Deputy Prime Minister Heng shared his personal experience as a stroke survivor, emphasising the pivotal role that therapists and early rehabilitation played in his recovery journey. Early rehab interventions were instrumental in mitigating the debilitating effects of extended bed rest in the ICU. Dedicated therapists, combined with intensive rehab, enabled him to regain full functionality, underscoring the transformative potential of rehabilitation services.
Innovations in rehabilitation leverage broader trends like robotics and digitalisation. These innovations offer precision rehabilitation, tailoring treatment plans to individual needs. They also mitigate manpower constraints by augmenting human efforts with technology.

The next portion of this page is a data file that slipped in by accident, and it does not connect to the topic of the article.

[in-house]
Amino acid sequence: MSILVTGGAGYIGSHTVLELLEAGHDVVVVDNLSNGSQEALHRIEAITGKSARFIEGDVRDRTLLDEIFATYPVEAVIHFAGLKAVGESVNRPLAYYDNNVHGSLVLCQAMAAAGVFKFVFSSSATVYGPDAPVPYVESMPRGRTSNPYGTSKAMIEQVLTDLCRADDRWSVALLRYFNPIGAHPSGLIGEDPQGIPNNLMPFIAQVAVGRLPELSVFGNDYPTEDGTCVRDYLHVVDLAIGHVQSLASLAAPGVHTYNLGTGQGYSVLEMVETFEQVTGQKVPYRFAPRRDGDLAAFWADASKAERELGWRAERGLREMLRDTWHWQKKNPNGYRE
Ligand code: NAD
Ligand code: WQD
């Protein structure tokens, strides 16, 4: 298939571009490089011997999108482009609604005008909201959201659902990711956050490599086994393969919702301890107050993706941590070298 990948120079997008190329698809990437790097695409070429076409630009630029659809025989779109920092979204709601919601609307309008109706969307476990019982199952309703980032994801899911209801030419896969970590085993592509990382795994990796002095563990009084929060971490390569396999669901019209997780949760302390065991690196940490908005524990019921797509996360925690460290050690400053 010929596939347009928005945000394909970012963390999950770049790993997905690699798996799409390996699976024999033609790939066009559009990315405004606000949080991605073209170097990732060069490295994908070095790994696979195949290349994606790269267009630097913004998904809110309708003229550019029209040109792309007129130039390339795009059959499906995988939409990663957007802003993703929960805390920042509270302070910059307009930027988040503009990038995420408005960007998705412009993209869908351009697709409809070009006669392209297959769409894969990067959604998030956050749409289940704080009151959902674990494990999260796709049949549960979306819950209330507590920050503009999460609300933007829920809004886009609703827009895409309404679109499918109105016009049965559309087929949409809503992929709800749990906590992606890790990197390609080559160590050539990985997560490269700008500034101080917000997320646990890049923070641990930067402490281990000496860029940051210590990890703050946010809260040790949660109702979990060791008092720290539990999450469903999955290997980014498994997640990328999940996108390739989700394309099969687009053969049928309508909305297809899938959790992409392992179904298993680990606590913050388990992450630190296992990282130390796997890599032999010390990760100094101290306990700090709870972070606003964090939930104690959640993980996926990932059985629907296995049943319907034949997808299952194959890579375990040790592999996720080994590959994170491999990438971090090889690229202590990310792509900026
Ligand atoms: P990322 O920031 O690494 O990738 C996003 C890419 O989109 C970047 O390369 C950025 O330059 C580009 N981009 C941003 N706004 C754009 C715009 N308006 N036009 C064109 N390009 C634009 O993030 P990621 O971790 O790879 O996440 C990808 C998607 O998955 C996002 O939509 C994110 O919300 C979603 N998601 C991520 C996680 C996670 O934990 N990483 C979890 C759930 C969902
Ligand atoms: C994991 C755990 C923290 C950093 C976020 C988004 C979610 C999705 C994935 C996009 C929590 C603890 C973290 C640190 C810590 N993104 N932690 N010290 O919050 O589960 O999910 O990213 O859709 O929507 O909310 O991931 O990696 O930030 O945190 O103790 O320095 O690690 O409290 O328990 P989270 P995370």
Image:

For instance, robotics-assisted physiotherapy and games-based cognitive exercises are becoming increasingly prevalent. Moreover, virtual rehabilitation has gained prominence during the COVID-19 pandemic, enhancing convenience and empowering patients to take charge of their rehab journeys from home.
Many societies are facing the dual challenge of an ageing population and a declining workforce to provide rehabilitation services. Technology is critical in augmenting these efforts to meet growing demand. Innovations in rehabilitation enhance its effectiveness and accessibility, ensuring that patients follow through with and benefit from rehab programs.
Singapore is at the forefront of innovative rehabilitation practices. Its acute hospitals offer excellent rehab care services and conduct research to improve care. Notably, Tan Tock Seng Hospital is a pioneer in rehabilitation medicine. Changi General Hospital houses the Centre for Healthcare Assistive and Robotics Technology (CHART), facilitating the synergy between clinical needs and technological innovation.